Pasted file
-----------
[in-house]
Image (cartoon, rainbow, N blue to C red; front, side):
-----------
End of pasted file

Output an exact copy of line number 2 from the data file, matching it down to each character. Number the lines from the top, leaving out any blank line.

Image (cartoon, rainbow, N blue to C red; front, side):